The history of the American School of Milan

A modest start for a grand idea

Back in 1962 a small group of English speaking parents in Milan decided that they wanted to provide their children with an Anglo-American education. Even though they had no experience founding a school, they had the determination and skills to realize their goals.

Our founding parents discovered that there was a private language school in Milan, the Anglo-American School, run by Mr. Bruno Matthews and decided that combining their strengths with that of the existing school would be the best way to get started. They struck a deal by which the American School would open as a division of the Anglo-American School, formed a parents committee to oversee the educational program and negotiated a seat on the school’s board of directors.

ASM began its life with a group of 17 students of various ages in somewhat dingy premises in Sesto San Giovanni, but the founding families were excited nonetheless to have gotten the school going. The students, teachers and parents alike were driven by a missionary-like spirit and worked hard to keep the momentum going.

Within the first year of operation, however, these pioneering families had to confront a hard reality: the Anglo-American School was facing a financial crisis and could no longer guarantee the survival of the American School.

Responding to this emergency, the founding fathers and mothers formed a nonprofit association dedicated to providing an American-style education for their children and renamed the school THE AMERICAN COMMUNITY SCHOOL OF MILAN.

On June 25, 1963 Messers Artemis Joukowsky, Lawrence Dalmazzo-Auckland, Glenn Hankins, Arnold Fried, William Malcol and Daniel Gilioli appeared before Public Notary Carlo Locatelli of Milan and executed the “Costituzione di Associazione”, through which the American School in its present organizational form came to life. In 1973 the association dropped the word “Community” and the name has remained unchanged ever since. The fist Board of Members of the American Community School were Anthony Abbruzzese, Lawrence Dalmazzo-Auckland, Paul Austin, Arnold Fried, Daniel Gilioli, Glenn Hankins, William Malcom, Artemis Joukowsky, Dean Parenti, John Petti, Thomas Spiers and Arthur Sucsy. The first officers should also be remembered: Thomas Spiers, Chairman, Lawrence Dalmazzo-Auckland, Vice-Chairman, Paul Austin, Treasurer and Inez Petti, Secretary.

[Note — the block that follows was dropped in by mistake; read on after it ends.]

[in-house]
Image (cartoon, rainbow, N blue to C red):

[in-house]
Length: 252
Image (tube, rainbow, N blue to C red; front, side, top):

The association was financed through the remarkable kindness of the School’s small but growing community. This spirit of generous support and giving has been the hallmark of ASM’s growth throughout our 50-year history. Over time the school has benefitted from a large number of donations including the land upon which the school was built, the school library, new audiovisual equipment and new state-of –the-art science labs.

The next order of business was to find a permanent site for the school.In the early years, ASM had many different homes from Sesto San Giovanni to via Bramantino, from Via Spadari for grades 7-12 to Via Bezzola for the elementary and junior high school, and then on to Via Bocchetto, all in the center of Milan.

The building committee, then chaired by Mr. Carl Immordino, reached an agreement with Ing. Lorenzo Borlenghi, a local real estate developer who donated the 9 acre property in Noverasco di Operaupon which the school was built. We broke ground in 1976 and closed the chapter on the school’s migratory history. We found our lasting home. Once the land on which to build the school was secured,the problem, of course, became that of raising funds for its construction. Under the able leadership of Mr. David Scott, the Treasurer at that time, negotiations were started with Cassa di Risparmio della Provincie Lombarde (Cariplo), a non-profit savings bank, the charter of which required that its earnings be used for non-profit purposes. The Cariplo agreed to lend building costs, and the donated land served as partial security for the loan.

The several American banks then present in Milan provided ad interim financing and/or otherwise stood as guarantors. The loan from Cariplo was ultimately paid off through the meaningful contributions of the American banks then present in Milan.

The most recent chapter of our expansion was written in 2009 when we increased the square footage of our spacious, modern facilities by 40%. Our 9-acre green campus now has:

  • Seven state-of-the-art science labs with two prep rooms;
  • A large lecture hall;
  • A spacious multi-purpose room;
  • A multimedia library containing 27,000 volumes;
  • A theater;
  • A state-of-the-art film studio;
  • Two full-sized American gyms;
  • Two spacious art studios;
  • A natural grass soccer field;
  • Two tennis courts;
  • An outdoor basketball court;
  • Separate play areas for Early Childhood and Elementary school students;
  • A dining hall and full kitchen;
  • Several conference rooms.